Morocco Has Highest Inequality Index in North Africa Study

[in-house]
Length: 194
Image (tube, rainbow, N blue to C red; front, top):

Rabat – In a report published on July 11, the Organization for Economic Co-operation and Development (OECD) in collaboration with the African Union’s Department of Economic Affairs assessed the economic performances of African countries. Findings indicate that Morocco’s commendable socio-political reforms are still tainted by “alarming social inequalities” and an increasing income inequality gap.Africa’s Development Dynamics 2018, as the report is called, highlighted African countries’ socio-economic performances in accordance with the AU’s Agenda 2063 initiative and a particular focus on growth, job opportunities, and social inequalities.Pointing out African countries’ performances in terms of growth, labor market, educational facilities, and basic social infrastructures, the study says that Moroccan society is characterized by vast and alarming inequalities, despite discernible advances in some key sectors—housing and infrastructure, for example—in the last decade. The study found that Morocco’s Gini Coefficient,the inequality index used by most economists and international institutions, is the highest in North Africa. Morocco’s Gini Coefficient of 40.3 percent puts the country far above Algeria (23%), Egypt (30.8%), and Tunisia (35.8%).By this measure, Morocco is Northern Africa’s highest income-unequal country with the region’s largest gap between the top and bottom of the socio-economic ladder.The study also looked at the policies and reforms countries have adopted in recent years to tackle poverty. This included healthcare systems, access to education, electricity and clean water consumption, and the number of people living in “decent life conditions.”According to the report, all the indicators point that Morocco is outperformed by other countries in the region, save for Libya, whose ongoing political instability has made it the worst regional performer in many regards since 2011-2012.Unstable and fragile labor MarketJob insecurity was a primary finding in the report’s “diagnosis” of Moroccans’ concerns. According to the study, the informal sector represents 11 to 33 percent of Morocco’s per capita GDP, whereas 60 percent of Moroccans work in said sector.For most Moroccans, the study suggested, wages fail to cover decent life expenses in many of the country’s big cities.  In addition to job insecurity, there is also an “alarming lack of opportunities” for the majority of skilled workers and young graduates.Stability provides hopeBut other indicators painted a positive portrait of Morocco, suggesting that there are reasons to be hopeful about the country’s prospects. Although the country’s current growth level has so far failed to meet society’s needs and expectations, Morocco’s stability remains its hallmark in the region.Morocco’s growth is buttressed by the country’s stability, the report said, adding that political stability in Morocco has translated into a “stable economic growth always higher than the regional mean between 1995 and 1999.”Along with the foreign investments that the kingdom has attracted over the years, Morocco’s rising competitive businesses, transforming industrial sector, and phosphates and agricultural products exports give the North African country some room to capitalize on its growth to tackle its issues.To stimulate progress and decrease the rich-poor gap, Morocco’s “primary challenge” will be to promote gender equality by “boosting female entrepreneurship, investing in innovative start-ups, and ensuring linkages between formal training and labor market’s demands.”